I turn away from the euphoria of the post-election moment to mention the current issue of the newly-revived journal, The Baffler, which contains a fascinating long-form dissection of the underlying ethos--both professional and ideological -- of two web (and occasionally print) publications that have lately set the pace for the rest of the insider political media: Politico and Buzzfeed. At more than 6,300 words, author Alex Pareene makes many more points than I can profitably summarize here -- and you can easily read the article for yourselves. Go ahead: It's right here, and I'll be happy to wait for you to read the whole thing and then come back to consider my take on one aspect of the argument about what these publications -- particularlyPolitico -- are doing to our political debate.
Though I'm drawn by the many excellent points Pareene's essay makes regarding Politico's tendency to pander to right-wing ideologues, I want to discuss The Baffler's enthusiastic embrace of Politico's focus on political triviality. I did my own investigation of the issue of press coverage of the 2012 election, finding that triviality was very much at the center of that coverage. But I did not have the space to properly dissect the debilitating effects of Politico's reduction of crucial differences in policy and ideology to matters of insignificant minutiae.
Even leaving aside the constant -- though sometimes nuanced -- conservative reverence, such coverage cannot be justified on the basis of the simplest common-sense analysis. Politico rarely does anything to illuminate the issues, clarify the questions facing voters, or even shed much light on the characters of the respective candidates -- any of which is usually the justification for such contentless coverage.
Instead, this "news" gets reported because it's there -- because it flatters someone's ego or because it might produce a few page views or perhaps a faux debate on cable news. These stories hardly ever relate to any question or issue facing a prospective voter, instead building the strange, internal narrative formed by a combination of the participants (and would-be participants) themselves.
When I mentioned in The Nation, for instance, that unforgettable George Pataki presidential candidacy, I lacked the space to note that Politico's Maggie Haberman covered the former New York governor's "withdrawal" from the race by writing that sources had confirmed that, "Former New York Gov. George Pataki has decided not to seek the Republican nomination for president." She had a great deal of trouble explaining, however, why she was bothering to say so. The balance of Haberman's story ran thusly: "It's hard to say what, if any, impact this has on the GOP primaries. Few believed until this month that Pataki was really serious about getting into the race. And even then, it wasn't obvious where the moderate, pro-environment, abortion rights-supporting Pataki would find a niche in the field."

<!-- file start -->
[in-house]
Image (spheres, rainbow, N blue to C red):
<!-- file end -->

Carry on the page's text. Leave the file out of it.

Well, yes, but in that case, why in the world was Politico covering it? It's a question I doubt anyone at the publication could answer.
In the same Nation piece, I also mentioned former U.S. ambassador to the United Nations John Bolton's memorable presidential candidacy--which garnered a 1,600-word promotional piecefrom Politico's Molly Ball. For some reason, Ball felt it necessary to deny, in her opening sentence, that the premise of the piece was merely "an attention-getting stunt," insisting that Bolton was "seriously considering running for president." But so, one assumes, are any number of people confined to institutions for the mentally and emotionally disturbed all across the United States. Where was her evidence that this hypothetical candidacy might ever pass from the confines of Bolton's (and Ball's) minds into the realm of tangible reality, much less the kind of reality that can be said to matter to voters?
With all those words, Ball could not find a single person in Republican or conservative circles who thought a prospective Bolton presidential run made any sense whatsoever. Still, it somehow merited 1,600 words on Politico's website. (In contrast, the New York Times devoted 2,576 words to something real -- an investigation of permafrost and planetary warming -- in the same week.)
It's no surprise, of course, that Politico led the coverage in these nonstories. To say that Politico sets the terms for contemporary political reporting these days is an understatement. Its up-to-the-millisecond style -- originally pioneered by then-ABC's (and now Time's) star reporter, Mark Halperin -- pays next to no attention to the implications of anything upon which it reports, up to and including war, save in the narrow political terms of how it will affect who's up and who's down on a moment-to-moment basis. Led by Mike Allen's not-to-be missed "Playbook," which sets the agenda for much of the media each morning, the entire publication offers a kind of legitimacy for storylines that might otherwise not be judged sufficiently serious or important to make it into mainstream reporting. But given its obsessive need to be at the center of any and every story simultaneously, it's difficult to discern any judgment at all by its editors in regard to attribution of space and topics chosen to be newsworthy.
But where Politico really outdid itself in this election cycle was in its Donald Trump coverage..
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